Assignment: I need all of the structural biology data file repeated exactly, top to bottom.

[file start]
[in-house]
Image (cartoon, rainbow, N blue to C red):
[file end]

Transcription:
[in-house]
Image (cartoon, rainbow, N blue to C red):